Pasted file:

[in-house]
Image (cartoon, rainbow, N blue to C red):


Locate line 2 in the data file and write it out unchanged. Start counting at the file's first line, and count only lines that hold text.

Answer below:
Image (cartoon, rainbow, N blue to C red):